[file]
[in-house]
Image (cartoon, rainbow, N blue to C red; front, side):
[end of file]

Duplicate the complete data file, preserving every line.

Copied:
[in-house]
Image (cartoon, rainbow, N blue to C red; front, side):